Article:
The Queensland Mine Safety Framework – Consultation
Regulatory Impact Statement was released on 11 September 2013. The
Regulatory Impact Statement seeks comment from stakeholders in
relation to proposed changes to Queensland's existing mine
Specifically, the Department of Natural Resources and Mines
(DRNM) proposes four options for change to improve
mining safety and health and develop greater consistency with the
mine safety frameworks in place in other jurisdictions. Following
earlier consultation paper released in June 2012, two of the
four options are now considered in the current regulatory impact
Option 1 proposes to retain the existing Coal Mining Safety
and Health Act 1999 (Qld) (CMSHA) and the
Mining and Quarrying Safety and Health Act 1999 (Qld)
(MQSHA) with amendments to align the legislation
with the proposed requirements for mining from the Model Work
Health and Safety Act and provisions from the National Mine Safety
Option 3 proposes new mine safety legislation primarily based
on the Model Work Health and Safety Act and key provisions from the
national mine safety framework.
DRNM's preferred option is Option 1.
A number of the key proposed changes are considered below.
Changes to requirements for statutory position holders
Under the proposed Option 1 amendments, additional statutory
position holders under the CMSHA and MQSHA will require statutory
certificates of competency issued by the Board of Examiners.
Currently only five statutory positions require statutory
certificates of competency. Under the proposed amendments, 16 roles
(which currently exist at Queensland mines) will require statutory
certificates of competency to be issued.
Other important safety roles will have minimum competencies
prescribed but won't require a board of examiners
Improved contractor management at mines
Non-core policy from the National Mine Safety Framework seeks
improved contractor management through greater clarity and
precision of current requirements under the CMSHA and MQSHA. All
mines are currently required to operate under a single safety and
health management system developed specifically for each particular
site by management in consultation with its workforce however, the
legislation does not guide mine operators or contractors as to how
they should work together to achieve the single safety and health
Changes to the rights of industry safety and health
representatives at mines
The changes proposed under Option 1 support the increase of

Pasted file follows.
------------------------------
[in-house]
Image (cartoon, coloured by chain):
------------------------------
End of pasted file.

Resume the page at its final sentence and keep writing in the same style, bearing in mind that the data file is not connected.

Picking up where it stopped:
industry safety and health representatives (ISHRs)
at mines from three to four in recognition of the growth of the
resources sector in recent years.
Additionally, proposed amendments will either:
Clarify the directive that can be given by industry safety and
health representatives and district worker representatives
(DWRs) related to suspending operations for an
unacceptable level of risk; or
Provide that ISHRs and DWRs will have a role in the
notification of potential risks but not be able to issue a
directive to suspend operations.
Under the first alternative, it is proposed that a directive to
suspend operations will only be allowed when danger is imminent or
immediate. If an ISHR or DWR issues a directive to suspend
operations when risk is imminent or immediate, they must be on the
mine site to do so and the directive will be subject to a Mines
Inspector's review and ratification within 12 hours or it will
Under the second alternative ISHRs and DWRs will retain a role
in the notification of potential risks but will not be able to
issue a directive to suspend operations under any circumstances.
ISHRs and DWRs retain all other powers.
Other proposed areas for reform
Changes applying to executive officers to align with the
obligations of officers in the Work Health and Safety Act
Longer limitation period for prosecutions;
Changes to offences, penalties, imprisonment provisions and
additional possible court orders following a prosecution.
Stakeholders have the opportunity to make submissions to DNRM on
the proposed changes. The consultation period is open until 5:00pm
on 11 November 2013.
The content of this article is intended to provide a general
guide to the subject matter. Specialist advice should be sought
about your specific circumstances.
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